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What is the Minimum Wage in the UK?

A Guide to the National Minimum Wage


What is the Minimum Wage in the UK?

What is the National Minimum Wage?

The National Minimum Wage (NMW) is the minimum wage per hour a worker is entitled to in the United Kingdom, and is applicable to all jobs in the UK. These rates are reviewed annually by the government and are advised by an independent body called the Low Pay Commission (LPC).

Companies that don't adhere to the rates set by government are considered to be committing a criminal offence.

Is minimum wage available to everyone?

The rate varies depending on your age and whether you’re an apprentice.

Most workers who are 25 or older must be paid at least the National Living Wage (NLW), which is the highest rate of the National Minimum Wage.

In addition to full-time employees, any workers who fit in the following categories are entitled to the minimum wage in the UK:

  • Part-time
  • Casual
  • Agency
  • Apprenticeship (different wage applies)
  • Trainee
  • Agricultural
  • Seafarer
  • Offshore
  • Disabled

However, National Minimum Wage is not available for anyone working in a self-employed capacity, company directors, voluntary workers, members of the armed forces or those on work placements.

For a full list of those able to claim, consult the gov.uk website for further details

National Minimum Wage and National Living Wage Rates for 2019/20

Age Minimum hourly rate 2019-20
25 and over £8.21
21 to 24 £7.70
18 to 20 £6.15
Under 18 £4.35
Apprentice £3.90

Please keep in mind that these figures although correct at time of publishing, are intended for guideline purposes only. The actual amount currently changes every year (usually around April/October time), so it’s always worth keeping up-to-date to ensure you don’t get underpaid by an employer.

Am I entitled to the National Minimum Wage as an Apprentice?

Apprentices are entitled to the apprentice rate of the National Minimum Wage if they are either, Under 19 or 19 and over, but in their first year of the apprenticeship. Apprentices over 19 who have completed their first year are entitled to the National Minimum Wage at a rate for their corresponding age.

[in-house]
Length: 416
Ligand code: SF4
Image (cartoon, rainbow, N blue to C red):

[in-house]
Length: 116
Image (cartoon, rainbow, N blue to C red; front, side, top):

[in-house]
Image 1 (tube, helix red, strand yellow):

My employer provides accommodation, how does this affect the min wage?

If your employer provides accommodation, they can take the value of this into account when calculating the National Minimum Wage or National Living Wage.

No other payroll related benefit (such as childcare vouchers, meals, or a car) counts towards the National Minimum Wage or National Living Wage.

Find out more about accommodation and the National Minimum Wage on GOV.UK

What is the Living Wage?

The Living Wage is set by the Living Wage Foundation . There is a UK rate and a rate applicable to London only.

According to the Living Wage Foundation website the current UK Living Wage is £9.00 an hour and the London Living Wage is £10.55 an hour.

The Living Wage is based on the cost of living. The rates are calculated annually by the Resolution Foundation and overseen by the Living Wage Commission, based on the best available evidence about living standards in London and the UK.

Its important to know that Employers do not have to pay the Living Wage, only a few UK companies choose to do so.

What to do if you’re paid less than the UK minimum wage

While most companies abide by the UK’s minimum wage legislation, some still attempt to pay less than the amount required. The government reported on the 6th July 2018 that 239 employers failed to pay the UK minimum wage , underpaying 22,400 UK workers by a total of £1.44m!

If you think you’re being paid below the correct rate, you should first check your contract of employement and speak in person to your employer. If this doesn’t resolve the situation, you should request payment records in writing from your company. You can contact the ACAS helpline for free, confidential advice to help you solve your payment dispute.

You can also make a complaint to HMRC about your employer.

HMRC can fine your employer if after investigation they are deemed to have not been following UK minimum wage regulations.

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